People: Fourth Bristol-Myers Squibb Pain Award Is Presented To UNC Nociceptor Pioneer

Edward R. Perl, Sarah Graham Kenan Professor of Physiology at the University of North Carolina, Chapel Hill, is the recipient of the fourth annual Bristol-Myers Squibb Award for Distinguished Achievement in Pain Research. The award, which consists of a $50,000 prize and a silver medallion, was presented to Perl in November at the annual meeting of the American Pain Society in New Orleans. Perl, 64, was recognized for his discovery of nociceptors, nerve endings in skin and tissue that convey i

Jan 20, 1992
Barbara Spector
Edward R. Perl, Sarah Graham Kenan Professor of Physiology at the University of North Carolina, Chapel Hill, is the recipient of the fourth annual Bristol-Myers Squibb Award for Distinguished Achievement in Pain Research. The award, which consists of a $50,000 prize and a silver medallion, was presented to Perl in November at the annual meeting of the American Pain Society in New Orleans.

Perl, 64, was recognized for his discovery of nociceptors, nerve endings in skin and tissue that convey information about pain-causing stimuli, and for his finding that nociceptors engage some specific central neural mechanisms. He also found that nociceptors have the ability to become sensitized to repeated stimulation, so that normally nonpainful actions, such as the touch of a hand, cause pain--for example, in cases of sunburn.

Nociceptors--so named because they detect noxious stimuli--were first hypothesized to exist at the turn of the century by Sir Charles Sherrington, who won the Nobel Prize in medicine or physiology in 1932. "The basic problem," says Perl, "was that no one had found these. Sherrington's prediction had been forgotten over the years; no one had used that line of thinking." In the mid-1960s, Perl recalls, while he and colleague P.R. Burgess were "in the process of doing a systematic analysis of sensory fibers" at the University of Utah, they found evidence that confirmed Sherrington's hypothesis (Journal of Physiology [London], 190:541-62, 1967). "We looked at each other across the experimental table; I guess we both understood what we had seen."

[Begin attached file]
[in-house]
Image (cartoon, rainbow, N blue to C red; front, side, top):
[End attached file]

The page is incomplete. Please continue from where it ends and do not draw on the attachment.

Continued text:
Prior to this discovery, Perl explains, the study of pain was "pretty much a black box; you couldn't relate [pain] to specific neural activity." Since nociceptors have been found to exist, researchers have been able to evaluate their activity and how it is affected by experimental drugs.

In subsequent experiments in the 1960s, Perl and his associates found that there are different types of nociceptors, each with different underlying mechanisms. Thus, he says, "there's not going to be a single silver bullet that's going to reduce pain in all circumstances."

Perl received his B.S. degree in 1947 and his M.D. in 1949 from the University of Illinois (Champaign and Chicago campuses). He has been a professor of physiology at UNC since 1971 and Sarah Graham Kenan Professor since 1983. Before coming to UNC, he was a professor of physiology at the University of Utah's School of Medicine in Salt Lake City. He is a founder and former acting president of the Society for Neuroscience.

--Barbara Spector